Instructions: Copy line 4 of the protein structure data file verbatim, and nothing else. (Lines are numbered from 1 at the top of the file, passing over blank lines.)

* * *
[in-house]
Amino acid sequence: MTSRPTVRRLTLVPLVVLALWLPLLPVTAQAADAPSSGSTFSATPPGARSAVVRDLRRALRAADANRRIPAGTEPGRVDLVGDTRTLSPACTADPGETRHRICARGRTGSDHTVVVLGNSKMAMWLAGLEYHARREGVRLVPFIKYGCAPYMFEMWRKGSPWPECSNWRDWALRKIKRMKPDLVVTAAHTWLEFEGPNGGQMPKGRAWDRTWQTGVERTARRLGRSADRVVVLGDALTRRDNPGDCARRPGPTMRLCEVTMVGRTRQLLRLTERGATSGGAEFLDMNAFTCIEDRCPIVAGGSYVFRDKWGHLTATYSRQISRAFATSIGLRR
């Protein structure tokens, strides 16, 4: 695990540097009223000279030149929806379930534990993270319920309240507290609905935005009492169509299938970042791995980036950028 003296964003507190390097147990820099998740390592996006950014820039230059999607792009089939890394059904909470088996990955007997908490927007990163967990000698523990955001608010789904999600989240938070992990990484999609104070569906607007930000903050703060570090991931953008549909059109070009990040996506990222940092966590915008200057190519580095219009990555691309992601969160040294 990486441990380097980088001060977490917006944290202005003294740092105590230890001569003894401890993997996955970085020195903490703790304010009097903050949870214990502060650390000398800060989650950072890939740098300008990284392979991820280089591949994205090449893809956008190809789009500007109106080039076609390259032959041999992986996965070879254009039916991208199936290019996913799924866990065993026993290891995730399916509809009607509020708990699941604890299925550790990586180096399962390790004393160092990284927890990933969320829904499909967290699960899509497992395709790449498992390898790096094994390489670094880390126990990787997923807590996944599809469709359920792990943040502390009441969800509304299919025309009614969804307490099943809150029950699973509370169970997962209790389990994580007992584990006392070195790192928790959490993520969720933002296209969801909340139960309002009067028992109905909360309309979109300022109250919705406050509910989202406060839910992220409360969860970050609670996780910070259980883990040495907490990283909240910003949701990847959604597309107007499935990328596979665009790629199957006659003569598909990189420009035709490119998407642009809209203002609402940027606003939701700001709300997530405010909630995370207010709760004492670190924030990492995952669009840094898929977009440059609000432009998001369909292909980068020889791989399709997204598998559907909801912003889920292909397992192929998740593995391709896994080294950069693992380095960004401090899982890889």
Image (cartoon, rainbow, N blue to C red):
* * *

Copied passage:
Image (cartoon, rainbow, N blue to C red):